Another savings area to consider is that virtually all modern cars are designed to use regular gas (87 octane), and yet many travellers unnecessarily use premium grades. The AAA suggests you check your car owner's manual and switch to the regular grade, if appropriate. Savings can be as high as US$.05 cents/gallon.

Food while on your journey is another area for potential savings. We look for motels that include a continental breakfast in the room rate. A bowl of cereal, toast, juice and coffee is often more than adequate to get us going in the morning. We also save valuable U.S. dollars and maximize our travel time by eating lunches at fast-food outlets; most now have "light" or "healthy heart" offerings for those with dietary restrictions.

This winter, you'll also find great savings in motel rates on some of the older interstate routes. For instance, a number of new motels have appeared along Interstate-75 (Ontario to Florida) this past summer but, because the exits have been built up over the years, these new motels have been built on land along parallel service roads. Since they are new and unknown, they are hurting for business. I suggest you find one of these mid-range motels (drive around the back to see how many cars are parked in the rear before going to the check-in desk), ask the desk clerk for the "rack rate" of a standard room, mentally deduct about 30% and tell the clerk that you were looking for a room in that price range. You will probably get it!

RVers can save valuable dollars by staying overnight in a Wal-Mart parking lot; the superstore company is actively encouraging this free service. Truck stops - Flying-J and Travel America (TATS) - are also encouraging RVers to use their parking areas overnight.

Once again, save valuable dollars with an economical meal strategy. We always eat breakfast (and often lunch) at home; food costs are very reasonable in most southern locations. For dinner, we head out to take advantage of the "early bird" or "sunset" specials at area restaurants. These usually end by six o'clock, so you need to be seated (or on the "wait" list) by then. Some restaurants offer a special limited menu for this reduced-cost service, but we have found that many use their regular menus and offer the "early bird" a substantial discount on menu price.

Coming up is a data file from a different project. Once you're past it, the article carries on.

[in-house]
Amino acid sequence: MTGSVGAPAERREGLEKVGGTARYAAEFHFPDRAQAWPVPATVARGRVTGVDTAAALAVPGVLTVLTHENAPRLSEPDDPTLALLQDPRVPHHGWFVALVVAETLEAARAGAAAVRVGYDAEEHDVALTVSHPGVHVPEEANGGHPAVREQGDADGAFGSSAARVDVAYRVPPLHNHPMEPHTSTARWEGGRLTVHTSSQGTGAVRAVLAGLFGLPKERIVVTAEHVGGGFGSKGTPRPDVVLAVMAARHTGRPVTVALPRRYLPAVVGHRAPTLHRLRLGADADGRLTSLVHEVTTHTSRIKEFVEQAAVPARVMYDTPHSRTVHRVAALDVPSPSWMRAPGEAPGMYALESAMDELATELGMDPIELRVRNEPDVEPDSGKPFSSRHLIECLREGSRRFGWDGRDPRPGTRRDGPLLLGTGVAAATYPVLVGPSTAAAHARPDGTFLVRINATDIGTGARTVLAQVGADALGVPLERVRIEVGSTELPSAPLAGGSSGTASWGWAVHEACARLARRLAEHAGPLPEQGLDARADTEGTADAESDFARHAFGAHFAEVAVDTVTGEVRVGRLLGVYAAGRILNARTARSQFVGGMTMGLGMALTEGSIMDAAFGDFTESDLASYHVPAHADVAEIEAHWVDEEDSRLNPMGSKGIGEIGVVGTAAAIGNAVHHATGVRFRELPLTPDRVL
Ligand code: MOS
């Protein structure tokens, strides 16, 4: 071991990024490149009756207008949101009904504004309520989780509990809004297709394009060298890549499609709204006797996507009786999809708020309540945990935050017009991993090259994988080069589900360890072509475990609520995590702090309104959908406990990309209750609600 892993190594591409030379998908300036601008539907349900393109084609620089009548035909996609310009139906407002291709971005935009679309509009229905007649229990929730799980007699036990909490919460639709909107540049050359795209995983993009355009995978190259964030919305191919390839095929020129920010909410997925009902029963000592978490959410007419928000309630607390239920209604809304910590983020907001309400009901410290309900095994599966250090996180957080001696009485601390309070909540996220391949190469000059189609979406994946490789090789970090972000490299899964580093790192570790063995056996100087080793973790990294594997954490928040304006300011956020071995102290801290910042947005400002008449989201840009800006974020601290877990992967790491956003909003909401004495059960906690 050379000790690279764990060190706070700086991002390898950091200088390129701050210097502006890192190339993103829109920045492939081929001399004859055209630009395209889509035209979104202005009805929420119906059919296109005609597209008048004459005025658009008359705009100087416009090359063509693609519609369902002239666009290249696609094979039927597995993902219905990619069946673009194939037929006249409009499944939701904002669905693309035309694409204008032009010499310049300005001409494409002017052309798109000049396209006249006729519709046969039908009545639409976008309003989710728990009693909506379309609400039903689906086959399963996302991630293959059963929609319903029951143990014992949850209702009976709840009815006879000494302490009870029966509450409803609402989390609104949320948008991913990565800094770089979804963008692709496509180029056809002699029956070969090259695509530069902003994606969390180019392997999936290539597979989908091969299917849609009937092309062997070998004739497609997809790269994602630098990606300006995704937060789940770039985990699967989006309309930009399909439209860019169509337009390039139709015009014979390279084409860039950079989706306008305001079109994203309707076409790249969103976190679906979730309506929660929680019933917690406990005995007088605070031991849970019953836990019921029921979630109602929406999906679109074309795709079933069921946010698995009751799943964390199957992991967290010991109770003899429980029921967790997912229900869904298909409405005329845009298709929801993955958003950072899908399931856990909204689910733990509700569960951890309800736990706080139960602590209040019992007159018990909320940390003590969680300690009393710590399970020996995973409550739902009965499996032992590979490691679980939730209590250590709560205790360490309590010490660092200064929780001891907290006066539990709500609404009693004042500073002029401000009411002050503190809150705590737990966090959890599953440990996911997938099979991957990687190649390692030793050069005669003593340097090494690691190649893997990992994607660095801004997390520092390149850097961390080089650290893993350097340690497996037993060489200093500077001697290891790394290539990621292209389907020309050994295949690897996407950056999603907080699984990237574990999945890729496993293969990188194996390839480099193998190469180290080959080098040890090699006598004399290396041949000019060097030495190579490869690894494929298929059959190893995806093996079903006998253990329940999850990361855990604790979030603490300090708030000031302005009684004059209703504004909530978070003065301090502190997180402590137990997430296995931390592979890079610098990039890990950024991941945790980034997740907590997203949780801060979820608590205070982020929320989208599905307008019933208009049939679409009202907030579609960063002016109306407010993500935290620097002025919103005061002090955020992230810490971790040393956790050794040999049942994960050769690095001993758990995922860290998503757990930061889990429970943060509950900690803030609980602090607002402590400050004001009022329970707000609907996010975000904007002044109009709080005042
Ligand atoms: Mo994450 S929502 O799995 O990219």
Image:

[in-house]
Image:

Finally, there are many free or cheap entertainments and activities to help pass your time in the sun. Eager readers might enjoy local books at area libraries or browsing the many southern used-book shops. One of my favourite free activities is a visit to the Suncoast Seabird Sanctuary, at Indian Shores near St. Petersburg in Florida. Here, you can surround yourself with hundreds of pelicans, which gather on the beach to visit their sick friends or feed on handouts from the Sanctuary's staff.

And don't forget the best winter entertainment bargain of all, the Snowbird Extravaganzas which start in Tampa at the end of January, and move around the south visiting other popular "snowbird" destinations throughout February. The performers are top-notch, drawn from world-famous entertainment capitals such as Branson, Missouri . . . and it's all free. Now there's a way to save U.S. dollars and enjoy the day!

Let's end on another piece of good news - if you survived going south last year when the exchange rate was 65.38 cents U.S. (Sept. 29, 1998), you'll positively revel in this year's September 29th exchange rate of 68.37. Each U.S. dollar you buy will cost you seven cents less!

Dave Hunter is the award-winning author of "Along the I-75", the quintessential guide for driving to Florida.

RESOURCES (all 800/888 toll-free numbers are accessible from Canada)

Phone toll-free 1-888-520-3444 for the Arizona Vacation Guide.
Also available through the Arizona tourism Web site -

Order the Official State Visitor's Guide through 1-800-862-2543, or the Web site

Los Angeles
The following travel information can be obtained only through the.
Web site: (

Phone 1-888-735-2872 to order your FLAUSA Visit Florida guide. It may also be ordered through

New Mexico
Phone 1-800-733-6396 for the NM Vacation Guide, or order at on the Web.

1-800-888-8839 Phone toll-free to order your Texas State Travel Guide and Buckaroo Buck$ travel coupons. Also available through the Texas Web site at, but discount booklet must be mailed to a Canadian address.